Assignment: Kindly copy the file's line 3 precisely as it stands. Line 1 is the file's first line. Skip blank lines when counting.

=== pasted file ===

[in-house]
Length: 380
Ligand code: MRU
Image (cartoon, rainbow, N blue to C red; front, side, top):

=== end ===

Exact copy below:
Ligand code: MRU